The Web Services Value Chain
August 30, 2001
By Jean-Christophe Cimetiere of TechMetrix Research
A Web service has five basic components:
In this tutorial, we will explain each of these components and touch on some of the key players in each space.By Jean-Christophe Cimetiere of TechMetrix Research
The software vendors have all done their homework on Web services though, and have, at a minimum, announced a strategy.
In the coming months, support for Web services will become a key feature for enterprises choosing an application server. The four critical criteria for evaluating Web services support is already established.
These four technologies are closely linked, although on closer inspection we can highlight the two basic standards that have led to the Internet's success: HTTP and XML.
Of the four standards, the least interesting is UDDI. Although it aspires to be the absolute, universal distributed repository for finding and using Web services, UDDI has little chance of actually becoming part of the game. Its ambitions are too broad, and certainly not appropriate for what enterprises are likely to need.
This does not mean there is no need for Web service repositories, but enterprises may need private and custom repositories to truly manage their relationship with partners.
A Web service is in fact just a resource, and hence it can be easily referenced, controlled, and secured using existing technologies such as LDAP directories. So UDDI is definitely not the key element here.
One technical initiative involving Web services that is worth keeping an eye on is XAML (http://www.xaml.org/). XAML is self-described as: "Transaction Authority Markup Language (XAML), a vendor-neutral standard that enables the coordination and processing of online transactions in the rapidly emerging world of XML Web services."
Besides these technical standards, various industry-related initiatives such as ebXML, RosettaNet, and Biztalk.org are out there. Each one is different, but all share a common goal: to automate e-business transactions through a set of standard technologies (mainly XML). For now though, SOAP and WSDL are actual specifications that do the job, and numerous products already include implementations of these standards, creating a new category of products that we have labeled Web services servers.By Jean-Christophe Cimetiere of TechMetrix Research
Several solutions already dedicated to Web services development include CapeClear's CapeConnect Web Services Platform, Lucin's SAL Server, SQLData System's SOAP Server, The Mind Electric's Glue Platform, and Bowstreet's Business Web Factory.
As we have noted previously, application server vendors are doing their homework, but at this time most of them are "patching" their products with SOAP libraries and basic listeners. This leaves some room for new players with cutting-edge solutions.
Tbere are, however, benefits of going with either option.
Web services marketers and Web services developers can be the same or different companies. We have separated them simply to highlight their different jobs. We can also break them down further with the identification of two categories: end-user enterprises and Web services providers.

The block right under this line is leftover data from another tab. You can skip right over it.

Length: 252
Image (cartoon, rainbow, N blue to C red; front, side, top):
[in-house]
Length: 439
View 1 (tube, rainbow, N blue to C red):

End-user enterprises are those that use IT to run their business but do not sell IT products or services. In every industry, every company has the possibility of becoming a Web services developer and marketer in order to improve its B2B processes and develop new channels.
Web services providers are enterprises that provide vertical or horizontal Web services.
End-user enterprises looking to go the Web services provider route should first determine the most appropriate services to enable. Then, once the technical tasks (primarily, SOAP-enabling services) are completed, adding new partners and developing new channels will be faster and require fewer custom-coding costs. It will also be easier to strengthen links and processes with existing partners.
It's not too much of a stretch to see Web services providers as the next generation of application service providers (ASPs). Remember the ASP hype in late 1999? The reality check came in 2000, when enterprises realized that they couldn't rent out traditional applications (e.g., SAP) that hadn't been designed to be delivered that way.
So what's next for ASP providers? Bankruptcy? Maybe for some, but others may well become Web services providers. Beyond the name change, it's not a big change for current ASPs, as ultimately both host applications. The real value will come from creating genuine hubs of Web services, delivering standard access methods, and providing top-notch service-level agreements.By Jean-Christophe Cimetiere of TechMetrix Research
Microsoft is the one exception to this. In addition to providing solutions based on standards (SOAP), Microsoft has been very evangelical about Web services. But the company doesn't just stop at being a technology provider. It goes further, with plans to release HailStorm (http://www.microsoft.com/net/hailstorm.asp), a user-centric collection of Web services, described by the vendor as designed to put "users in control of their own data and information, protecting personal information and providing a new level of ease of use and personalization."
The HailStorm hub of Web services is expected to be in Beta by the end of 2001. Microsoft's investment on Web services is huge, at all levels.